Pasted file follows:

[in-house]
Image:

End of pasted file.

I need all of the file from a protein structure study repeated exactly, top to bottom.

[in-house]
Image: